On Friday morning, reports began to break out that an American airstrike had managed to kill Mohammed Emwazi, known, though he shouldn't be, as Jihadi John.
In London the simple fact is that the armed police 'jam' does not cover the slice of bread that is one of the world's major cities and does not even begin to lightly smear much of the loaf that is the UK. Meanwhile, the increase announced by the government in the numbers of MI5, MI6 and GCHQ officers together with increased funding is a bittersweet pill for struggling police officers on the front line to swallow...
It is apparent that there is a politics of empathy and grief in the West; empathy and related emotions have fallen victim to Orientalism that refuses to acknowledge the dignity, respect, and worth of the persons slaughtered on an all fronts.
Even if the French wholeheartedly embraced this plan, it's not going to happen overnight. And a lot of brave soldiers are going to die in the effort -- there is no getting around that. Whether this price is politically acceptable is up to the French people, really. It's for them to decide.
The smiles of Iranian President Hassan Rowhani and his American-educated Foreign Minister Mohammad Javad Zarif appear to be fading as the hardliners take back the driver's seat. Rowhani spent all his political capital on the nuclear deal, to which the hardliners are reacting harshly.
The logic of this is clear; refugees are fleeing Bashar al-Assad, the Islamic State or both. Having experienced the extreme disruption of Syria's brutal civil war caused by the Assad regime's brutal crackdown on domestic uprisings and the subsequent exploitation of this disruption by ISIS, they are unlikely to entertain illusions about the merits of violence.
The act of madness is followed by a wave of madness, where states are bombed to rubble and the cycle of irrational thinking becomes the rule that governs the game. I wish, as we utilize our resources to discuss issues facing our societies, we could do the same with these acts of violence so that we can discover a solution.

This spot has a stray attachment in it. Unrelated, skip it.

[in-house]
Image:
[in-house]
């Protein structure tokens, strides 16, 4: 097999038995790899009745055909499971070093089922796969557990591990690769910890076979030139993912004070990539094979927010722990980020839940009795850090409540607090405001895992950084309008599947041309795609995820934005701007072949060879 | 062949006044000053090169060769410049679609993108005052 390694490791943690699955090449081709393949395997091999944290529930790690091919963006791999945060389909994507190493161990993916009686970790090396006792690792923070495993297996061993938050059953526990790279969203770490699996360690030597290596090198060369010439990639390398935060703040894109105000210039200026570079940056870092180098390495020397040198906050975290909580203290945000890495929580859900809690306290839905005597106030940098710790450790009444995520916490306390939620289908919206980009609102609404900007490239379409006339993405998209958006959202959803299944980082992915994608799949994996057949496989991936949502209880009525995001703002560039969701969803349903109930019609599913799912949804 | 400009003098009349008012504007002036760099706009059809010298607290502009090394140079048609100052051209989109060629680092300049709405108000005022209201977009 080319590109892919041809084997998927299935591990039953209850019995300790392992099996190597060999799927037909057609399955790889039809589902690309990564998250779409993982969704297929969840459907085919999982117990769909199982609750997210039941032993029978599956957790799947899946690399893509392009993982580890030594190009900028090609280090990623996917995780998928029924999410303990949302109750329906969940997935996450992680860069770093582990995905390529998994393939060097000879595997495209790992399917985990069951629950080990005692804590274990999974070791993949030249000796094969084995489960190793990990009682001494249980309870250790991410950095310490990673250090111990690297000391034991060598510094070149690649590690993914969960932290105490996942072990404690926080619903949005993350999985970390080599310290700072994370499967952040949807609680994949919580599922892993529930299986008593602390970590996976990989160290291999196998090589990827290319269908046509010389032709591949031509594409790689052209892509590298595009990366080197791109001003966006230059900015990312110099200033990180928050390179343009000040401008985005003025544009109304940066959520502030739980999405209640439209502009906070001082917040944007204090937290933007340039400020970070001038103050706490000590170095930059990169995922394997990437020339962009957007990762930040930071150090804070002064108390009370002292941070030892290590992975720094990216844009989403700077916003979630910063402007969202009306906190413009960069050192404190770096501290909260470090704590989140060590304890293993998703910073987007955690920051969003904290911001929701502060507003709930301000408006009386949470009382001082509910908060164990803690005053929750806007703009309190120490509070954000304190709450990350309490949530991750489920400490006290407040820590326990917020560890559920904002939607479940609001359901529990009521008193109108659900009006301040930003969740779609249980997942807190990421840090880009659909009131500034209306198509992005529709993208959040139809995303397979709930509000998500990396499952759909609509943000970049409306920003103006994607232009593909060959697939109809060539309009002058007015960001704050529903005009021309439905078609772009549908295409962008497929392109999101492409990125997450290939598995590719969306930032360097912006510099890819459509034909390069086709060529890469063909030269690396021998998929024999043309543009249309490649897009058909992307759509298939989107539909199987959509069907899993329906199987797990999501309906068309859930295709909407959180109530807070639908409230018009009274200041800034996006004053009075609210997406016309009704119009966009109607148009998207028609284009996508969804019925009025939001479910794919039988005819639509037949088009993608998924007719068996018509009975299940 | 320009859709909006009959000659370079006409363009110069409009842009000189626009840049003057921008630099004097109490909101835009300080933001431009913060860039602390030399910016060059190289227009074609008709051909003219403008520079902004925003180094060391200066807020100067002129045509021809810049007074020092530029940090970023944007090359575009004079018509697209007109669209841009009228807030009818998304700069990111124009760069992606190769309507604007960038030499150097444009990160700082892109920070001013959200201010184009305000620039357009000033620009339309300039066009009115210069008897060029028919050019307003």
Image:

There are legitimate concerns about ISIS terrorists coming into the United States under the guise of being a refugee. This has been a concern for years with any terrorist group who would use our refugee system to circumvent getting in line and obtaining a visa via other legal means.
We may not share the same religion, same culture, same language and same views, but we definitely share the same sentiments. We all have emotions and feelings, and our sincerest condolences go out to all the families who lost their loved ones in this deadly act.
Not long after, when America entered the war, we were formally collaborating with Josef Stalin -- a man who had slaughtered one million of his own countrymen during the Great Purge of 1937-38. The lesson is that, when faced with an existential threat, you bring all parties to the table. Even bad people if you have to. Not just to coordinate the fight, but to coordinate post-war planning with all the players.
It would be a salutary exercise to prepare for the political struggle ahead to acknowledge the humanity of the Russians, who also have eyes, hands, senses, affections and passions, who also cry when their children don't come home safe from trips abroad.
While this knee-jerk reaction of countries to close their borders to immigrants might appear on the surface to be a wise move, the truth is that we're just compounding the problem.
We cannot tolerate intolerance and violent extremist views that are unwilling to accept co-existence with others different from themselves. These extremists are the minority in our society, but unfortunately those who are practicing active tolerance are also in the minority. There are too many of us sitting in silence, unable or unwilling to take action.
The Paris attacks aimed to further expand an existing wedge in France, and Europe at large, with many citizens of the Muslim faith. Western societies have a clear choice: allow jihadist violence to further divide or use it as fuel for greater unity.
If all we do is destroy ISIS, other terrorist organizations will spring up in what would continue to be an ungoverned space. We need a coherent political solution, which will best be constructed through diplomacy, not the war rooms of the Pentagon, NATO and Moscow. And we can use history as our guide.
It is easy to blame the media for reporting much more on massacres in Paris than on bombings in Beirut or Baghdad. But media outlets are simply responding to consumer demands and market forces. It is on you, the consumer and moral citizen, to demand better coverage and to actively seek out a broader moral community.